The method proposed by Hall et al. [6] was chosen because of its recent development and relevance to Australian conditions. As highlighted in the Introduction, Hall et al. [6] also validated their metric against observed budburst dates from vineyard phenological records. To ensure consistency within our study, we compared our modelled budburst dates to observed/recorded dates presented in the literature for 58 vineyards and/or years. We found the methodology of the modelled budburst date of Hall et al. [6] to be comparable to the existing literature, including observed records.

Spatial statistics within ESRI ArcGIS were used to determine budburst statistics including the spatial median, minimum, maximum, and majority budburst dates for each wine region. Zonal statistics were used to determine the median budburst dates across the wine regions.

A time series analysis of yearly budburst dates was conducted to assess both linear and nonlinear trends at a wine region level. Two nonparametric tests were used: (1) Mann–Kendal test to determine significant linear trends in the time series and (2) distribution-free cumulative sum (CUSUM) to test if the mean is statistically different across two time periods to determine step changes in the data over time. TREND software [48] and the Mann–Kendall package developed for Python software [49] were used for processing the analysis.

Budburst dates were grouped into positive and negative phases of each climate driver (ENSO, IOD, and SAM) to assess potential associations between budburst date and climate drivers. A positive (negative) phase was defined as climate index values > 0.5 (<−0.5) standard deviations from the mean [36]. Student’s t-tests were applied to assess the statistical significance of observed differences in the means of climate groupings, whereby:(i)If a value is≥0.05, the difference in the mean between the two datasets is not significant(ii)If a value ≤0.05, the difference in the mean between the two datasets is significant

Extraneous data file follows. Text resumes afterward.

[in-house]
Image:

Lastly, to assess the magnitude of influence of large-scale climate drivers, the mean budburst date for each climate phase (positive/negative) was calculated for each wine region and each climate driver. Box plots of budburst dates per phase (including neutral phases) were also generated to visually illustrate the magnitude of climate drivers’ influence on selected wine regions.

SciPy and Seaborn Python software packages were used to undertake statistical analysis and visualisation in relation to interannual variability [50, 51].

4. Results

4.1. Spatial Variability of Budburst Timing across Australian Wine Regions

The spatial variability in the timing of modelled budburst dates within Australian wine regions was first assessed. It was found that the majority of Australian wine regions have the median budburst date during September (calculated over 1910–2019) (Figure 3(a)). However, this can be as early as mid-to-late August for the South Burnett, Hastings River, Margaret River, and Swan District wine regions. For regions at higher elevation, the budburst date extends into October. The cool climate Tasmanian wine region has the latest budburst date of all regions, where budburst tends to occur in November, including some areas that do not reach the budburst temperature accumulation threshold before the end of the year.